Reminisces on a refugee camp

A very long time ago, I spent some time working in a refugee camp in Thailand. The camp was jointly run by the Thai military and the United Nations High Commission for Refugees (UNHCR). The camp was surrounded by barbed wire, with watch towers on each corner. Past the wire stretched rice paddies that alternately gleamed like blood or flashed with light, depending on where the sun was and which direction you were looking.

There were a lot of stories in that camp. Most of them weren’t good. However, they all had their genesis in the Vietnam war, as well as the spillover effects in Laos and Cambodia. After a while, hearing the stories, you go numb or you just can’t listen anymore. There’s no end to human suffering, that’s for sure.

The camp was divided in two halves by a narrow asphalt road that vanished into the distance on either side. I ran the post office on the side where the Khmer, Lao and various tribal people (Mien, Hmong, etc) were kept. The other side of the camp housed the Vietnamese. About thirty refugees worked for me in different capacities: translating, sorting mail, processing mail. They all had stories, and I heard quite a few of them.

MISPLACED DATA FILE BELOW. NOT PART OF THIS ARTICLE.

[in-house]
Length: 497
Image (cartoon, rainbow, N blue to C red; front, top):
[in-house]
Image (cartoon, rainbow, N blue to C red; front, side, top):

I wonder, after all these years, where they’ve all gone. If some of them ended up getting accepted to countries in the west. If some were forcibly repatriated to Laos or Cambodia or Vietnam. Their stories kept on going after I returned home to Switzerland. I was only privy to a small part. However, I think I’ll have to write some of them down one day, even if the remembering makes me go numb again.

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